John Gabriel wrote: > On Wednesday, 8 November 2017 14:28:46 UTC-5, Python wrote: >> Me wrote: >> ... >>> Actually, your "exposition" of your "New Calculus" is a BIG MESS. >>> As we can see here you are still using theorems derived in "standard" >>> calculus to JUSTIFY claims stated (but not proved) in the context >>> of your "New Calculus". >>> >>> It's quite "confusing", to say the least. >> >> >> A very nice résumé of John Gabriel's method: >> >> Yeah, this is how Gabriel works in a nutshell: >> >> He takes a mathematical concept with a proper definition which he >> either doesn?t know, like or understand (or any non-empty subset of >> the three), >> >> he visualizes or interprets it in some vague way (?making things >> equal through redistribution?), >> >> he insists on his ill-defined vague interpretation to be the actual >> definition (even though it?s hand-wavy, vague nonsense), >> >> he labels everything outside of his vague interpretation as >> ?meaningless? and therefore void and draws absurd conclusions from >> his ?definition?, >> >> he proclaims that he has found the ultimate real meaning of the >> mathematical concept and rails against stupid academia. >> >> It?s glorious in its arrogance and ignorance. >> >> from: >> http://blog.logicalphalluses.net/2017/02/23/math-crankery-with-john-gabriel-the-dunning-kruger-effect-in-a-nutshell/ >> >> (You may notice that Mr Gabriel never even tried to refute any >> of the criticism about his work you can read on this blog) > > I see you are getting more desperate with each comment because you > know your arse will soon meet dirt. Chuckle.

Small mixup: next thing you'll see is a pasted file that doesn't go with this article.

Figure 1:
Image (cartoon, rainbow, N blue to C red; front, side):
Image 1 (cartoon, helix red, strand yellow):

Absolutely not, Mr Gabriel, I just contemplate the way you are digging deeper and deeper in your own inconsistencies. I am quite worry concerning your mental and physiological health by the way.
> Is there any function you can find in which m+n is not a factor? LMAO.
Talking about factors in a non-factorial ring like function is meaningless, everything is a factor as long as it is about functions. You use the silly tricks of Taylor series (while you need the "mainstream" calculus to do so in the first place, as it has been pointed out by many) or you use the silly trick to deny the validity of piecewise function (the easiest way to find counter-example of your loosy "new calculus").
There is actually a counter example you've always evading, x -> e^(-1/x^2) at x = 0
Those who understand calculus know very well why you're silly tricks and false proofs couldn't make it there. Do you know why, John?